from 50 to 80 nmol/L, the daily dose of vitamin D is in the 1,700 IUs per day
range.

The UK researchers recruited just over 300 postmenopausal white women who were from 60 to 70 years old to participate in their double blind placebo controlled study. The subjects were randomly assigned to get daily vitamin D supplements at either a dose of 400 IU or 1,000 IU or be given a placebo for one year. Data from the 265 subjects who finished the study showed that over the year the concentrations of vitamin D in the blood increased by an average of 31.6 nmol/L for the 400 IU group, 42.6 nmol/L for the 1,000 IU group. The placebo group had vitamin D levels drop to 4.1 nmol/L.

What’s more the loss of bone mineral density at the hip was tiny for the 1,000 IU taking group but for the others at the lower dose or placebo the losses were larger. There were no big changes in bone metabolism observed as part of the research.

The work appears in the Journal of Bone and Mineral Research.

To your good health,

Good Omega-3s With Organic Milk

As you pour your next glass of milk, think about this. U.S. researchers, in the first large, nationwide study in this area, have found that organic milk has far higher concentrations of omega-3 fatty acids, known to be good for your heart, than does milk that comes from conventionally tended dairy cows. The team was led by Washington State University scientist Charles Benbrook and saw that on average the organic milk had lower levels of omega-6 fatty acids while also having higher amounts of omega-3 fatty acids than did regular milk.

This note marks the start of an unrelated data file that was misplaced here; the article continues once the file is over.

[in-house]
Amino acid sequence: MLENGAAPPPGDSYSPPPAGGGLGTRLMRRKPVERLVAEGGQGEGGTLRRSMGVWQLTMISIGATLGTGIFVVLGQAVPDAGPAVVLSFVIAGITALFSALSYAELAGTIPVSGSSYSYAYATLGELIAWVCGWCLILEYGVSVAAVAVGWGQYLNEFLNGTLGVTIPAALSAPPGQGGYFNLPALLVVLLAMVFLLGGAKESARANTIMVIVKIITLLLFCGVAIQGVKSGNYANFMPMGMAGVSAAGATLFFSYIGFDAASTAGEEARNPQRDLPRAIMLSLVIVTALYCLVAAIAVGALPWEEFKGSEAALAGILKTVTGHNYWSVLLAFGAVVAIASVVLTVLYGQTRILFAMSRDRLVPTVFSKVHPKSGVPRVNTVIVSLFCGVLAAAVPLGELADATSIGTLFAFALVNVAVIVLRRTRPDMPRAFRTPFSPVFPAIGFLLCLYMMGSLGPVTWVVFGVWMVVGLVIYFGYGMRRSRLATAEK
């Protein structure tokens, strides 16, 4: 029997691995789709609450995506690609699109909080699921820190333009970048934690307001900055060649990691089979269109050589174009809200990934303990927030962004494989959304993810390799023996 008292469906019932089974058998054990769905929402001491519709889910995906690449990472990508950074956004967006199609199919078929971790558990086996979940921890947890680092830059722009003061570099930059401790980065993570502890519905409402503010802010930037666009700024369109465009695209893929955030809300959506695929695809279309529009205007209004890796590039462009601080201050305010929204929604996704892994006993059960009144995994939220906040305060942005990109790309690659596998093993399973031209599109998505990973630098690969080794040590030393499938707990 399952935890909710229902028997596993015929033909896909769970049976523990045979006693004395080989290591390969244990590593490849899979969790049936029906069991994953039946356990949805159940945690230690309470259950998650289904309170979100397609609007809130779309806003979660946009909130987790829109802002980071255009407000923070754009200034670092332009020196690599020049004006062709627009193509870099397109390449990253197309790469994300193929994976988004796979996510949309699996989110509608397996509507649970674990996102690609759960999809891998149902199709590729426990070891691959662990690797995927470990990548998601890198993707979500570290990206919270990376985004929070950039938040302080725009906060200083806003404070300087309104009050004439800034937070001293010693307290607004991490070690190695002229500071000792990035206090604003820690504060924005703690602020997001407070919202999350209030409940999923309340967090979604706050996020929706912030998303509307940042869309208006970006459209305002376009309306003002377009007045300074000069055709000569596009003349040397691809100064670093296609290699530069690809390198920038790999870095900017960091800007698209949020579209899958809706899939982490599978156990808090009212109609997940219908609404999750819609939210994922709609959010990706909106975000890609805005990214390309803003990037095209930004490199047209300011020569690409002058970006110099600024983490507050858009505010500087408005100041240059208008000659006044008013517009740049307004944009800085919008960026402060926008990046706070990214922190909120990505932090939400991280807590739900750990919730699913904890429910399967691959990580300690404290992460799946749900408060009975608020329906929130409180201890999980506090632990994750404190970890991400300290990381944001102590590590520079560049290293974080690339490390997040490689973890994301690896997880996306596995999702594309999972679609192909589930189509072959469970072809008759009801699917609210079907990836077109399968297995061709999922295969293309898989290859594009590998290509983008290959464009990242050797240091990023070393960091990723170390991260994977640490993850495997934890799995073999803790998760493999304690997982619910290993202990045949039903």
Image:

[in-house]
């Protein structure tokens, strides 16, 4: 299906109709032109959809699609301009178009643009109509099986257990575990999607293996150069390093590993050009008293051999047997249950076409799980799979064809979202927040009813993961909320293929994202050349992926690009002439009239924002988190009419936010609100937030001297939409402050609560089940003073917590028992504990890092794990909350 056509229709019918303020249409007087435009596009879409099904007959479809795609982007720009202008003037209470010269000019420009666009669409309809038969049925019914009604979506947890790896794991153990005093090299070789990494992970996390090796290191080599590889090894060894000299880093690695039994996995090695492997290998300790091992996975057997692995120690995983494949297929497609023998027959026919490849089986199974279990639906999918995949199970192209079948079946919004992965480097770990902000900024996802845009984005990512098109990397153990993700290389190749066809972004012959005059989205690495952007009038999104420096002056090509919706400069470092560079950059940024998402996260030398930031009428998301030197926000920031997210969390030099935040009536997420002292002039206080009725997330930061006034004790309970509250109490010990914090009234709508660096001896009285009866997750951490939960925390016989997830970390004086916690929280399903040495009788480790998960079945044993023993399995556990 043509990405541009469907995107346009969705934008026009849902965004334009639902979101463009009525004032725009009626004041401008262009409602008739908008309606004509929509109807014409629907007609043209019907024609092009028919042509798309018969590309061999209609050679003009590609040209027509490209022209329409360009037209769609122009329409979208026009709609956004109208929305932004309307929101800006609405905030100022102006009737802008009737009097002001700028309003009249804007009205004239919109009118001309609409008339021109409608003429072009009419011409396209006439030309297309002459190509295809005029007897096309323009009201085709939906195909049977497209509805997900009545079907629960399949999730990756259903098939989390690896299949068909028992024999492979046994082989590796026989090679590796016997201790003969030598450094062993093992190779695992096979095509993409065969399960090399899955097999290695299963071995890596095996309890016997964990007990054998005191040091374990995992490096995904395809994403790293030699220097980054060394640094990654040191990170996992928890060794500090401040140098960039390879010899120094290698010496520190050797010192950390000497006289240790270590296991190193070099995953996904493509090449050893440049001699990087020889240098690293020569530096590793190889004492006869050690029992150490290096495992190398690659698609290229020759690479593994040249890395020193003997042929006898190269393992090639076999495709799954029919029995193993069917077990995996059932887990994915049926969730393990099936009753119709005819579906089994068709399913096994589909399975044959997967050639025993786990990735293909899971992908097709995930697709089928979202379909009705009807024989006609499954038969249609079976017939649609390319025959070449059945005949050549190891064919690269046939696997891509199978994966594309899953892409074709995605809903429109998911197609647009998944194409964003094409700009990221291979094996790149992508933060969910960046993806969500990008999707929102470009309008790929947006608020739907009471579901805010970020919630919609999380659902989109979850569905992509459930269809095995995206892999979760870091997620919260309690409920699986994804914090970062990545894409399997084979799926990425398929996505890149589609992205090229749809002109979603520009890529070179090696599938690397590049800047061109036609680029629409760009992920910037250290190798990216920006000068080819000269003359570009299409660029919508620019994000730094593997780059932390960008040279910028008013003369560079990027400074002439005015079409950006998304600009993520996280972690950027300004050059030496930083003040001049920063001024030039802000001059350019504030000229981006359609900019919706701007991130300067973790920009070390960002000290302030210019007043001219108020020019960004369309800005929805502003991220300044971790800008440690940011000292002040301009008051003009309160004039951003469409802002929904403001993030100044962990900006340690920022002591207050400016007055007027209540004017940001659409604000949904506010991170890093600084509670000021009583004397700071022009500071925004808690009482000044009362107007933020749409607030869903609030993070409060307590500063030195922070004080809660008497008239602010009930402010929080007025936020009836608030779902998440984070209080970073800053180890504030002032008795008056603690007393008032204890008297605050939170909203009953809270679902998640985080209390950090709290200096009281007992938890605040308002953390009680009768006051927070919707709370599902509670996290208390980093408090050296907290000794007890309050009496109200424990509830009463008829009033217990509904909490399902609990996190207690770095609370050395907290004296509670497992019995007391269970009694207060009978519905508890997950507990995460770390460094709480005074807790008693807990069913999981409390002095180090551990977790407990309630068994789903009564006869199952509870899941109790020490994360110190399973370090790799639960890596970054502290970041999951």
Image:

Having a high ratio of moega-6s to omega-3s has been associated with troublesome health problems like autoimmune disease, heart disease and cancer. But over the last century, our intake of omega-6 has risen dramatically, while omega-3 intake has fallen.

To be considered organic, cows producing milk for the USDA National Organic Program must take in at least 30% of their dry matter each day from pasture grasses and legumes, both naturally high in omega-3. Cows that provide milk to non-organic diaries eat diets of mostly corn, and this vegetable is naturally high in omega-6s and low in omega-3s.

The organic variety of milk used for the work had an average of 62% more omega-3 fatty acids than did regular milk. It also has 25% fewer of the more dangerous omega-6 type. The findings show us where we are today and how we might improve the fatty acid composition of milk and other dairy products.

The team, led by research professor Charles Benbrook from the Center for Sustaining Agriculture and Natural Resources at Washington State University, examined 378 samples of both organic and conventionally tended milk that came from 14 processors located all across the U.S. over a period of 18 months. The regular milk was found to have an average ratio of omega-6 to omega-3 of 5.8. The average ratio for the organic samples was a far lower 2.3.

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Good Omega-3s With Organic Milk Continued…

The recent work, published in the journal PLOS One, confirms earlier research that found milk from cows eating an organic diet have less linoleic acid and other omega-6 fatty acids and more alpha linoleic acid, conjugated linoleic acid and the long chain omega-3 eicosapentaenoic acid compared to cows that don’t have access to pasture.